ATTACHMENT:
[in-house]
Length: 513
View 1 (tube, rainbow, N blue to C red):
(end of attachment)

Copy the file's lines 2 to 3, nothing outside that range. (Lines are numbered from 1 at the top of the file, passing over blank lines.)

Length: 513
View 1 (tube, rainbow, N blue to C red):